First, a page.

Cookie sales and fair pricing

I read about a school that held a bake sale promoting gender equality.  Boys were charged $1.00 and girls $0.77; a stark lesson to all that, in spite of progress made thus far, on average, women are paid far less than men, for the same job.

gender equality bake sale

When I was promoted to Department Head several years ago, the disparity in pay was egregious.  I knew I’d been underpaid in the manager job I’d held for 4+ years and I was privy to the fact that my male colleague (with the same title and responsibilities) earned far more than I did. My male supervisor knew about it but wasn’t interested in doing anything to level the playing field. When it came time to make adjustments to the next level, you better believe I spoke up.  I’m happy to report I didn’t settle for $0.77, either.

On a similar note, we have potlucks at our office on a regular basis; the same three guys never bring anything but always enjoy multiple servings.  I think the price of cookies just went up. 🙂

“A woman is human. She is not better, wiser, stronger, more intelligent, more creative, or more responsible than a man. Likewise, she is never less. Equality is a given. A woman is human.”  – Vera Nazarian, The Perpetual Calendar of Inspiration

What are your thoughts on this topic? Have you witnessed unequal treatment in the workplace?

Categories: Attitude, Confidence at any age, Determination, Growth, Life, Life Lessons, Men, Opinion, Personal, Politics, Quotes, Thoughts, Uncategorized, Women | Tags: , , , , , | 18 Comments

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18 thoughts on “Cookie sales and fair pricing

  1. Diane Helminiak

    At my last agency job, there was a guy who came in as a “sales” person and he would sit around watching sports videos at his desk instead of “selling”. One day I walked in and his check was sitting on his desk. I told him it was best to cover it up or move it. When he didn’t, I saw he was making far more than I did when I came and did far less than I was doing. Needless to say he didn’t last long because he was expected to get sales. The fact that he was hired as sales and not support was interesting, too.

    • Nice. I love that he didn’t last long .. hee hee … the Karma truck picked him up! 🙂 Thank you for commenting, I love hearing from you Diane 😀 MJ

  2. I’ve been out of the mainstream workforce for so many years, I’m afraid women’s equality wasn’t discussed then!

  3. When I started working, my field was male dominated, but I was paid the same as my male counterparts and my co-workers treated me fairly. It was people outside of the company – the general population – that made comments like “You’d better let him help you with that. We wouldn’t want you to break a nail.” It sometimes takes a long time for attitudes to change on a broad level.

    • I love that you said sometimes it takes a long time for attitudes to change on a *broad* level — laughed out loud! I agree, sometimes I have been treated fairly, others, not so much! MJ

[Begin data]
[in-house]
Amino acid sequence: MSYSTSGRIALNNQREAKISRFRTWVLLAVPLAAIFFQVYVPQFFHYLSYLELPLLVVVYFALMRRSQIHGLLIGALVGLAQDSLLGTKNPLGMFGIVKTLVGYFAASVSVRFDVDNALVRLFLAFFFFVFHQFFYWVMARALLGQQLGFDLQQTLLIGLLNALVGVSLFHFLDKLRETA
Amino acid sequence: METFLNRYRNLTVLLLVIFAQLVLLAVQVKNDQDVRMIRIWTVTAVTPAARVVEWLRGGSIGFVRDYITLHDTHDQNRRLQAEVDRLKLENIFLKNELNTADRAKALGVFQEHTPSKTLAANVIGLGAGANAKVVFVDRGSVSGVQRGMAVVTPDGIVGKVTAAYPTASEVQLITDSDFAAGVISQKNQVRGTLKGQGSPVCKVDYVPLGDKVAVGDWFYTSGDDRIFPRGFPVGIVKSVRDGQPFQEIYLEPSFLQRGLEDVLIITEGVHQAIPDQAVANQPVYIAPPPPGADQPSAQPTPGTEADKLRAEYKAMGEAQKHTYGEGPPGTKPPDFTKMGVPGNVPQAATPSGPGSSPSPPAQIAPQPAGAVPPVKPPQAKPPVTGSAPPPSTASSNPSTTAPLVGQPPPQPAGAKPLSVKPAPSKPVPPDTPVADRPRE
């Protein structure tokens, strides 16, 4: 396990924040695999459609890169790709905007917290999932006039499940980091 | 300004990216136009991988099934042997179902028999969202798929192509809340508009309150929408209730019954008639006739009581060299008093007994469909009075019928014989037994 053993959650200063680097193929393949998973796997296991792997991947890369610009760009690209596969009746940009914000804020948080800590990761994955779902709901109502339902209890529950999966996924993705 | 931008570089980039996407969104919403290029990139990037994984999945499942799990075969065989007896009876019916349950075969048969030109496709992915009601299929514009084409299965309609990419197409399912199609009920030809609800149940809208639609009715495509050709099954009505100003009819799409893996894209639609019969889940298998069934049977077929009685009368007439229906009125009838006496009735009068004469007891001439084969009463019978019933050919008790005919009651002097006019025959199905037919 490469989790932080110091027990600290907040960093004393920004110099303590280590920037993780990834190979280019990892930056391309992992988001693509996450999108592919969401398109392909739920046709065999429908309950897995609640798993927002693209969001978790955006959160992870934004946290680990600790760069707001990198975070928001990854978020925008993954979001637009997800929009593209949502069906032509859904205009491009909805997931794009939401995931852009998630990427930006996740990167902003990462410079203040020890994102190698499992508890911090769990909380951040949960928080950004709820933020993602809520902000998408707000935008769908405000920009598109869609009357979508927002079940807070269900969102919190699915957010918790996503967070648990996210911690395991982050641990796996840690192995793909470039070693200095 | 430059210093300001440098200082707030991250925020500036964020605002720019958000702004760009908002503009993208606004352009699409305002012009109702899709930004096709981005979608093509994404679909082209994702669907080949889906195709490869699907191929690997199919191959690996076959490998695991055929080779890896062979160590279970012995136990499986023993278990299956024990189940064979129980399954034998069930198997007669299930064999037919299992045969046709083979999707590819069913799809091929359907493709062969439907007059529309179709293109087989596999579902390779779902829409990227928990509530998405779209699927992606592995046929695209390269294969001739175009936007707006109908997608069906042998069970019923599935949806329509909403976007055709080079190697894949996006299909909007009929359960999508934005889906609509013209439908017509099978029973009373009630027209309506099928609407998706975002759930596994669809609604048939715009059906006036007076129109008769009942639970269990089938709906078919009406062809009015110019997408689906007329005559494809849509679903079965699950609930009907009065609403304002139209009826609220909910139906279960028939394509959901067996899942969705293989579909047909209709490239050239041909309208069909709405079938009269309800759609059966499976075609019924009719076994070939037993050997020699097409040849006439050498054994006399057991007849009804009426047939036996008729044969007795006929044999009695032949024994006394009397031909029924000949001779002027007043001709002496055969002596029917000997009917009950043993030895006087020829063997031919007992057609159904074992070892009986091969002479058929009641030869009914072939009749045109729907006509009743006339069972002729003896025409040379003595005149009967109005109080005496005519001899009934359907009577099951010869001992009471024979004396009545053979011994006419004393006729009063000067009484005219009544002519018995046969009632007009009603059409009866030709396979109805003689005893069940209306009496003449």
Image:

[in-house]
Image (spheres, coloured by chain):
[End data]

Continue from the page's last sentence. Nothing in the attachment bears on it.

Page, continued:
4. It always bothered me that whenever there was a celebration at work, only the women brought things in. The guys didn’t kick in any money, paper goods or anything. They never treated for anything that would equal it. Always ticked me off. We even had one guy make up a “doggie bag” for his son because there was something there that he liked. Argh!

    • There are more women in my office than men and, the truth is, many LOVE to cook. But we finally had to set up some rules and say that, if you’re not going to bring something in (doesn’t have to be home-made) i.e. Pop, Chips, paper products, etc, you HAVE to contribute $5 to the supplies. Didn’t take the guys long to figure out a $2.50 bag of Lays chips was less $$ than $5. There’s still one who has never brought anything but I sense a mutiny on the horizon .. some of those older gals are ruthless and I wouldn’t want to be in his shoes when they finally throw down the gauntlet and just go for it! 😀 MJ

  5. Shirley Matthews Dunn

    Said very well, MJ.

  6. I am old-er now and always amazed at the strides women are taking. Why, it wasn’t that long ago we girls even got to vote! Now we’re breaking ceilings or at least banging on them. 🙂

    • You are right – it is amazing! 😀 I remember being an Administrative Asst in a large international company. The co hosted “career day” and encouraged employees to bring their children in to talk with employes in various fields – Marketing, Engineering, HR etc. I also remember one executive pooh poohing us having an “Administrative” booth — in his mind, that was not a “career” and we weren’t going to waste his children’s time. Imagine my delight when his daughter spent time talking to us lowly secretaries? Guess what? She didn’t want to be an engineer! (( looking back I know he wanted the best for her but it was rather insulting to those of us doing the work and taking care of things! )) MJ

  7. I just thought about when I was given a window office and the other ladies in the company were not happy about it. Women can be their own worst enemies and that is probably still true.

  8. That bake sale was a great way to get the lesson across!

    I’m happy to say that I’m unaware of any gender-inequality in my office. The management is for the most part, very fair. However, there are individuals who don’t get it … the guy that can’t figure out how to book his own travel accommodations and always just asks “one of the girls” to do it for him. And yes, we have those guys who never contribute to the pot-lucks, but always partake. I don’t let it get under my skin too much. I enjoy cooking or baking for the group, and enjoy the compliments and recipe requests that come my way as a result.

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